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Ranking Comparables

Discussion in 'a la mode (TOTAL)' started by Edd Gillespie, May 22, 2005.

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  1. Edd Gillespie

    Edd Gillespie Senior Member

    0
    Oct 16, 2004
    My forum assistant is not searching for some reason. It just gives me a return that says the topic I am interested in is not being dicussed today. So here's the discussion.

    I have been using Wintotal for several years and I rank the comps the way Wintotal does when the sort comps radio button in the comps power window is pressed. I have been using the cavalier thinking that if I have chosen the correct comps and inserted the correct adjustments that the machine should tell me which comp is most like the subject and what the value is.

    Now, I have followed the discussion on here about those instruments of the devil, the rapidly becoming ubiquitous AVM, but it became necessary the other day for me to consult USPAP on the issue of AVM. I looked at AO 18. I'll be glad to look elsewhere, but that one seems to address the USPAP pitfalls of AVM-ing.

    Seems in nutshell we should:
    1. Understand how the AVM works.
    2. Use it properly.
    3. Determine if the AVM and the data it uses are appropriate for the intended use.
    4. Be able to determine whether the output is credible.
    5. Determine if the output is reliable.

    If sorting cmps and value of the subject in Wintotal is an AVM, I am failing USPAP-again.
    DISCLAIMER: This post in no way is intended as criticism of Wintotal . A while back (like several years) I asked the tech guy on the Wintotal 800# how does this thing work. The answer given very hesitently and criptically only after checking with a senior tech is "Its a wieghted average". "Oh, I see, thankyou", I said. I got the impression its a secret, but I accepted the answer without further question. Now I have gone along about two years with the assurance that I am using a wieghted average and after all if it wasn't OK why would Wintotal use it? Now I have also been whipped into appraiser submission to never ever use the word "average" for some reason (everybody else in the world does), so I thank my lucky stars nobody has asked me why my comps were ranked the way they were in the URAR. I just wouldn't be able to honestly say anything other than the computer did it and its a weighted average. But I have no real idea or information how it did it. Now with my extremely limited newbie background in regression analysis, I'm discovering that "average" sort of sneaks in there too. This average, but don't admit it is driving me into crime.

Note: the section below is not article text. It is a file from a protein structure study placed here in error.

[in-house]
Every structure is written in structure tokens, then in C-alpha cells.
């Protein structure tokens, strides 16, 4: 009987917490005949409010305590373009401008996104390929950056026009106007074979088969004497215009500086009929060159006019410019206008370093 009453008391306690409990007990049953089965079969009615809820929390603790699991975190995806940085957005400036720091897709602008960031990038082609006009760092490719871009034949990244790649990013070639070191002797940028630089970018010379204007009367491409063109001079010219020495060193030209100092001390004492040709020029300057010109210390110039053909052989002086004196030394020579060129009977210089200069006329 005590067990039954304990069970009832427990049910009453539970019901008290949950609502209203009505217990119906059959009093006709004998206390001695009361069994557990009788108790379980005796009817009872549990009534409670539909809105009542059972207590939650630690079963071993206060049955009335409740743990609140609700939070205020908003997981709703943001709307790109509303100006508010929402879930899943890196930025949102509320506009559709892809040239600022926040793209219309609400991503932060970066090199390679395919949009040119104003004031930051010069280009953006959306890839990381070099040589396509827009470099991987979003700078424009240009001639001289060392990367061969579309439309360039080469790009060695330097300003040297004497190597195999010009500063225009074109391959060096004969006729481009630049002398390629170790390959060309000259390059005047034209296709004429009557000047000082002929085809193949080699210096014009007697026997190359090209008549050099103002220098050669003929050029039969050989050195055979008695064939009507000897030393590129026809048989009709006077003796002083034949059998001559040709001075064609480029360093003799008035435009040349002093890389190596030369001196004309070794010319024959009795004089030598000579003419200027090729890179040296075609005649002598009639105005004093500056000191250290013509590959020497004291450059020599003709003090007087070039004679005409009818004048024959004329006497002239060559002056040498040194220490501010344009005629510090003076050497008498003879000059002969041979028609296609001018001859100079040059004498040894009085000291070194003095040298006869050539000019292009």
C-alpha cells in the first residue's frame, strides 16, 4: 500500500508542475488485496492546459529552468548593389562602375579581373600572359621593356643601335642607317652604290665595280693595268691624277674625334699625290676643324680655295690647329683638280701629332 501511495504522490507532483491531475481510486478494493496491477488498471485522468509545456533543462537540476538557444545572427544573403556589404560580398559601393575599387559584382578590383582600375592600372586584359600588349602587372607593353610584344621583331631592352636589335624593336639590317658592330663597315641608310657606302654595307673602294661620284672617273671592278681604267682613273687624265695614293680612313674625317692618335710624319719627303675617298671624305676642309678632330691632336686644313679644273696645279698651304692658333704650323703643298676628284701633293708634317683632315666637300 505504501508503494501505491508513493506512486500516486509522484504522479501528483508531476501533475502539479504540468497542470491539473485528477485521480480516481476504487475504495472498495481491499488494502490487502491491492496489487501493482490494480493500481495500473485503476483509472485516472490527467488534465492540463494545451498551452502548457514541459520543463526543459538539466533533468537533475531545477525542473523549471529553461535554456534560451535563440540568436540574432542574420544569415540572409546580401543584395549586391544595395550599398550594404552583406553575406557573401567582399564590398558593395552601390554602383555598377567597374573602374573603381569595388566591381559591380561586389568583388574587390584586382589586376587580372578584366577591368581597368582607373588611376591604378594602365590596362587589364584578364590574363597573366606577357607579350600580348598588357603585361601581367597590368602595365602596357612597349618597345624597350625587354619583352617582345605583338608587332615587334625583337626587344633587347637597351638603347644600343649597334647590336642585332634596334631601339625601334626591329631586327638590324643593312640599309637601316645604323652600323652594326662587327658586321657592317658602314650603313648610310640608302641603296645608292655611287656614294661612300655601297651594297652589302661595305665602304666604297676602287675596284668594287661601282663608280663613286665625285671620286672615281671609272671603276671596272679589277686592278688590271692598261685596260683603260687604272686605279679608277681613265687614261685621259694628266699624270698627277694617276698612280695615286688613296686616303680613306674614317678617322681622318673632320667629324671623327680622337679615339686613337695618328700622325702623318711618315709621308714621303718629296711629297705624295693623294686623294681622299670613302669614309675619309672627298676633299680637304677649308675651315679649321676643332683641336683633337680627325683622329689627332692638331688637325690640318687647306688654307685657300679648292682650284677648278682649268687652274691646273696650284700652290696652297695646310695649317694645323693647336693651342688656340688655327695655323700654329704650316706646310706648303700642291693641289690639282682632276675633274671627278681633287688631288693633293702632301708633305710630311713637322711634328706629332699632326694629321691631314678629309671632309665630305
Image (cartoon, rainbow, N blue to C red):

Two questions:

    1. How does Wintotal adjusted comp sorting and subject value conclusion work? (I know its a weighted average, but how does it work- what the heck is weighted?)
    2. Do you think using Wintotal to rank the comps is using an AVM?

    Thanks in advance for answering the questions, and if you answered to the best of your ability go ahead and tell me what you think.
     
  2. Austin

    Austin Elite Member

    1
    Jan 16, 2002
    Professional Status:
    Certified General Appraiser
    State:
    Virginia
    Edd wrote:

    Once again, Edd sees through the fog or again like the little boy that said the emperor has no clothes.